South Florida Hospital News
Sunday August 25, 2019
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April 2009 - Volume 5 - Issue 10

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Hospital Acquisition of Physician Practices

In the 1990s, hospitals and the physician practice management companies bought up physician practices at a fast and furious pace. No matter the size or scope of practice, there was always a bidding war. Prices often got bid up to an amount that simply made no sense. Even this failed to dissuade the companies flush with cash from yet another offering of stock to the public. Hospitals could barely restrain themselves even though they had yet to develop a core strategy around these assets.

Physician Practice Management companies thought that they could deliver value to physicians through "better management," though this rarely materialized. Many thought that they could sub-capitate their way to success, ignoring the additional 10-15% of administrative costs that they were adding to the system. Physicians not only didnít want to be managed, they were unwilling to take a penny less in income even though they received stock and or cash amounting to millions of dollars at the time of the sale of their practice. Many would close on the transaction and then immediately begin looking for another position that paid them the same that they had been receiving rather than take a reduction in pay.

Above is a picture of a DeLorean car which became an icon in "Back to the Future." In a way, we are now seeing a Return to the Future in that the latest trend is the consolidation of physician practices and most notably the acquisition of practices by hospitals. "Great Scott!" you say. While the very same hospitals which sold practices back to the doctors only 10 years ago are now buying the practices back today, they will tell you that things are "different" this time around. This new trend is best characterized as a "market strategy" as some hospitals are reluctantly hiring physicians again out of necessity and others pursue it as an offensive tactic to gain market advantage.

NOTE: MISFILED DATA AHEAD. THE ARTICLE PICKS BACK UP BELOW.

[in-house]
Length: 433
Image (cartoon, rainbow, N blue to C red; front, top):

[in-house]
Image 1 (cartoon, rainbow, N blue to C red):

Locally we have seen the University of Miami buy Cedars of Lebanon for $285 million. The University, despite its long standing relationship with Jackson Memorial Hospital, started employing physicians. For these and other physicians, they feel that this arrangement offers them an advantage by offering them teaching staff designation and malpractice practice insurance.

In turn, Jackson has started hiring its own physicians, offering benefits the University might be unable to provide. Even Baptist Health System is getting into the act by buying physician practices and most recently by buying 51% of the Miami Endoscopy Center, thus further solidifying its hold on outpatient activity in the south end of Dade County.

What is in it for the physician? Because such an arrangement eliminates daily business oversight, it gives physicians more freedom to better balance professional and personal time. Because of anti-kick back regulations, hospitals have been reluctant to jointly market Centers of Excellence. Direct employment improves physician recruiting and retention as it is a surefire, short-term measure to pre-empt market vagaries and inadequate third-party reimbursement.

Rather than hire the physicians directly, some hospitals have supported area physicians by facilitating the creation of large group practices. Integrating physicians into large group practices tied to a hospital can create structural advantages that can yield improved negotiations of fee schedules and agreements with health plans; reduced operating expenses, particularly high-cost volatile items such as professional liability insurance. Hospitals already have the infrastructure in order to provide skilled human resources and technology to improve productivity and quality of patient care and the capital in order to upgrade and integrate information systems.

To lessen the financial drain on the hospital, hospital compensation plans for physicians today are more likely to be based on physician productivity. Nevertheless, without other adjustments in the hospital direct employment model, hospitals generally may continue to subsidize net losses from owned physician practices because of the competition for in-patients as well as the more lucrative ambulatory diagnostic and therapeutic procedures.

Dr. Stephen J. Dresnick is the founder and Managing Partner of Dresnick Healthcare Advisors, formed to assist Healthcare facilities, Physician Practices and Medical Service Companies to address their needs. He can be reached at (786) 268-0995.
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